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Masters of Art

Teenagers share thoughts on the artistic life with TC students and the singer's singer, Tony Bennett
Imagine being in high school, maybe your junior or senior year, and you and some of your classmates are asked to address a roomful of would-be teachers at an Ivy League school like, say, Teachers College. No pressure. Then it turns out that your school’s founder and living legend, singer Tony Bennett, will also be in attendance.
No way? Julie Lien, Jill Cohen, Shah Amed, Jessy Deolall, Magda Makarewicz and Anthony Picarelli, all students at the Frank Sinatra School of the Arts in Queens, would beg to differ.
 
All six students and their art teacher, Jane Kahn, a doctoral candidate in TC’s Art and Art Education Program, spent more than an hour in Professor Judith Burton’s course on the artistic development of adolescents on February 16 discussing art and the role it can play in the lives of teenagers. Sitting quietly in the back, sketch pad in hand, were Bennett and his wife, Susan Benedetto.
 
“To have someone like Tony Bennett support a school, especially one dedicated to the arts, is unbelievably important because of the weight of his fame,” said Burton, who herself established a public school in New York City. “It’s really very important. You can see it this evening, just by the fact that he is here. That somebody as important and as busy as Tony Bennett would come on a Monday evening to a class at Teachers College to listen to high school kids talk is mind blowing.”
 
Bennett’s involvement in charitable causes is legendary, and a particular focus for him in recent years has been arts education. In 1999, he and Benedetto, a TC alumna and former public school teacher, founded Exploring the Arts, a charitable organization dedicated to promoting and supporting arts education. Through Exploring the Arts, the couple founded the Frank Sinatra School of the Arts (FSSA), where potential students must audition to gain admission and then maintain a schedule that includes six academic classes and three in their various studios.
 
“The students were great,” said Bennett, an accomplished painter who has exhibited in galleries around the world. “What I really love about the kids from the Frank Sinatra school is how much they know. Once I took them to the Guggenheim Museum and the show was called ‘From Goya to Picasso,’ and I thought it might be tough to teach them about these artists. Well, they knew more than the people at the museum. It was amazing.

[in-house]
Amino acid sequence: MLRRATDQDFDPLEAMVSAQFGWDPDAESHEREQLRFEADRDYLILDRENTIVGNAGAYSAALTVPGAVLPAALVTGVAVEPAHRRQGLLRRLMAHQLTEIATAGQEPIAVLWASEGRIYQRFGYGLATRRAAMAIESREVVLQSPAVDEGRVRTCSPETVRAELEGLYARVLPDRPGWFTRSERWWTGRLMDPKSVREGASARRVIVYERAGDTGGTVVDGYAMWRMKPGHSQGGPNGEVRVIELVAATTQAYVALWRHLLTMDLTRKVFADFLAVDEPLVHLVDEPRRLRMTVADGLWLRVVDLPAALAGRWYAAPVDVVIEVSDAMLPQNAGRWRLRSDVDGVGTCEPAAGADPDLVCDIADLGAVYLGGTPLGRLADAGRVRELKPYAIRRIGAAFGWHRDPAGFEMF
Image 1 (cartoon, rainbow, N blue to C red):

“The school is very important to me. It is doing fantastic. They’re all good students. They love being there, and they’re all good to one another.”
 
It was, in fact, a return appearance for the six students. Every year, Burton invites high school students to her class to give her TC charges a grounding in the realities of teaching art to young people. All the FSSA students made the trip to TC last year, also.
 
The students first discussed their artwork, on view February 16–27 in TC’s Macy Gallery as part of the exhibition “Adolescent Voices: The Works of Students from the Frank Sinatra School of the Arts.” They then took questions from the TC students on topics ranging from how they felt about exhibiting their work (all of them loved it) to what characteristics make for a good art teacher.
 
“A sense of humor,” answered FSSA student Julie Lien to the latter query. “If your teacher has a sense of humor, it really does break the ice with the students. I think it makes you more open to sharing your ideas without censoring yourself—without being afraid that your ideas are bad.”
 
“For me, it’s confidence, because it’s hard to pass it on if you don’t have it,” said FSSA student Jessy Deolall, who plans to pursue art as a career. “Like with Mrs. Kahn, she tells us she is always right—about a lesson. It’s important to have that confidence. It’s a good thing.”
 
After the high school students left, Tony Bennett stayed and listened as some of the TC students shared their impressions with Burton. It was, for him, a unique and memorable experience.
 
“What I am so very impressed with are the students in the class who want to become teachers,” Bennett said. “What a wonderful group of people. They know their salaries are going to be a little inadequate, yet they are such great human beings that they want to teach other people. That was a very warm experience for me.”